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Institute of Medieval and Early Modern Studies (IMEMS)

MEMSA Conference

The finale of MEMSA's academic year is its own postgraduate conference in Durham which attracts a wide variety of postgraduates and academics from across the UK and beyond. Previous conference themes have included: Being Human (2008), Authority (2009), Time and Memory (2010), Recognizing Beauty (2011), and The Mutilated Body (2013).

Each year, the conference has welcomed a wide variety of highly original and engaging postgraduate papers, and has enjoyed the privilege of hearing internationally regarded keynote speakers, including Prof. Helen Cooper, Dr John Watts, Prof. Miri Rubin, and Prof. Mary Carruthers, present their research.

Journals from previous conferences can be found on the MEMSA WordPress site by clicking this link:

Thirteenth Annual MEMSA Conference, Senate Suite, Durham University, 9-10 July 2018.

This year's conference was held here in Durham on 9 - 10 July, on the theme of 'Humour and Obscenity in the Early Medieval and Modern World'.

View Conference Programme here.

MEMSA Conference 2012: 'Transition and Transformation in Medieval and Early Modern Cultures'

5th July 2012, 09:00 to 6th July 2012, 17:00, Durham University

Keynote Speakers: Professor David Cowling, Institute of Medieval and Renaissance Studies, Durham and Professor Margaret Cormack, College of Charleston, South Carolina

The Medieval and Early Modern Student Association of Durham University is holding its annual interdisciplinary conference for postgraduates and early career researchers and seeks papers on the theme of "Transition and Transformation in Medieval and Early Modern Cultures". Attached please find the complete call for papers.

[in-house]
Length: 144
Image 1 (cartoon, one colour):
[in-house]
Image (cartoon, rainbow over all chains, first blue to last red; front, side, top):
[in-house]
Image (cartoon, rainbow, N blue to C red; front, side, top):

The conference will also feature a special exhibition of the Durham manuscript collection by Professor Richard Gameson, to be hosted in Durham Cathedral, a UNESCO World Heritage Site.

This year's Medieval & Early Modern Student Association conference will explore the liminal and transformative aspects of the medieval and Early Modern periods in a multidisciplinary forum. We welcome abstracts from postgraduates and early career researchers working in the fields of archaeology, history, literature, theology, art, music, and culture. Presentation topics may include, but are not limited to:

 --Linguistic change and textual transformation

--The parameters between the terrestrial and the celestial

--The historical effects of transition and transformation

--Appropriation and evolution in genres of narrative

--Fluctuating boundaries and perceptions in landscape

--Agency and motivation for innovation

--(Dis)continuities between orthodoxy and heterodoxy

--Shifts in material culture and images of transformation

Please send abstracts of no more than 300 words to by no later than 31 March, 2012. Registration for attendance and the conference banquet will be sent in May.

Contact for more information about this event.